Photo: Pascal Le Segretain/Getty Images, Vinnie Zuffante/Michael Ochs Archives/Getty Images, James Keivom/NY Daily News Archive via Getty Images
Back in olden times, which is to say last February, a social media fan site called Buzznet declared Kristen Stewart and Robert Pattinson “the perfect couple.” They didn’t have much to go on — mostly a bunch of cute pictures. But Buzznet extrapolated from that non-information, lauding “Robsten’s” authenticity and down-to-earthiness and interpreting their disinterest in romantic exhibitionism as a sign of True Love. The evidence: Robsten didn’t feed the Twitter machine. They didn’t dress to impress. They didn’t go out to clubs, seeming to prefer each other’s company. They didn’t feel the need to hoot and holler about their infatuation by jumping up and down on Oprah’s couch (as Tom Cruise did, to promote his relationship with Katie Holmes). Nor did they make a spectacle of their sexual chemistry, à la Jay-Z and Beyoncé or Brad and Angelina. No, Stewart and Pattinson were “rock solid and drama free.” Buzznet let its little-girl-fantasy-self show: Stewart and Pattison, the site declared, have “the kind of relationship we all want to be in and have last forever.”
Buzznet had a couple crush.
A couple crush is not a crush on a person who is not your partner. It is a crush on a couple by another couple or, more frequently, on a couple by an otherwise romantically engaged individual. A couple crush makes you think about all the could-have-beens and would-have-beens in your own partnership and all the ways in which your own relationship satisfies your expectations and — more pointedly — fails to do so. A couple crush is the fantasy standard against which you measure the romantic love in your own life. Celebrity couples are the best targets for crushes, because like all crushes, they flourish best in an absence of real information.
I sat down to write this piece harboring a sentimental couple crush on Madonna and Sean Penn. In even longer ago times, Madonna and Sean sat down next to me in an uncrowded restaurant during a lazy lunch.
“I feel like shit,” he said.
“So call in sick,” she responded. Then they made out.
“I really feel like shit,” he said.
“So call in sick.” More making out. Then hand holding. Not too much eating.
They seemed perfect together — physically compatible, similarly rough around the edges, ambitious in that thrilling, dirty, New York City post-punk way. Then I gave myself an Internet refresher course and was reminded that he once tied her to a chair and allegedly hit her with a baseball bat. (Poof! went my couple crush.)
Most married people I know also have couples crushes on real people — on certain friends and acquaintances who seem to be doing the whole marriage thing better than they are. One of my friends idolizes a couple she knows that cooks every single meal — breakfast, lunch, and dinner — together. Another holds up his older relatives who bring relentless good humor (and even actual jokes!) to life’s travails. A marriage crush is especially stimulated by a observing another couple appear to do effortlessly the thing(s) that you and your spouse find difficult: exotic foreign travel, the throwing of frequent parties, child discipline, home renovations, date nights, negotiations over family visits. The upside to witnessing weakness or conflict in a couple upon whom you are crushed — Pattinson and Stewart come to mind again, as do Madonna and Sean — is that it reminds you that nothing is perfect. No couple has it all together. (A truth you knew already of course, but had temporarily forgotten due to the blinding happiness of the couple in your sights, made up entirely by you.)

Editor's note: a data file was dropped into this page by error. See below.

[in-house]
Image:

If I may overpsychoanalyze the poor Buzznet writer for a minute: What he (or she) found crushable about Stewart and Pattinson — and indeed, the reason the whole entire world seems so outraged at the dissolution of that relationship — is that in spite of their celebrity and the hothouse in which they lived, they actually seemed to be good friends. And a good friendship, says John Gottman, of the famed Gottman Institute in Seattle, is the fundamental ingredient of a good marriage, marked by mutual respect and admiration, fondness, and a lack of contempt.
If I may now long-distance overpsychoanalyze the entirety of Hollywood coupledom: That being the case, which celebrity spouses really seem to have the friendship thing down? Which appear to be truly committed to the marriage in spite of the crazy circumstances in which they live? I crowd-sourced the question on Facebook.
The nominees, in no particular order: Maggie Gyllenhaal and Peter Sarsgaard (for hiding in plain sight). Ben Affleck and Jennifer Garner (for epic cuteness); Portia and Ellen (for setting much more than an example); Will and Kate (for breaking the mold, sort of); Amy Poehler and Will Arnett (for their mutual appreciation society); Naomi Watts and Liev Schreiber (for fusing glamour with earnestness); Tom Hanks and Rita Wilson (for understanding that even celebrities grow old); Meryl Streep and Don Gummer (for letting Meryl be Meryl); John and Yoko (no explanation necessary); Annette Benning and Warren Beatty (for having lived through it all and having the heart to try it all again); Posh and Becks (for knowing their strengths); and Paul Newman and Joanne Woodward (for setting the standard). My second favorite suggestion was Kermit and Miss Piggy, who I believe have all the hallmarks of a happy-ish and enduring couple, including an inexplicable but undeniable passion, as well a concomitant undercurrent of nearly constant irritation.
My very favorite post came from my husband. “You and me!” he wrote. “Unless you married me for the publicity.”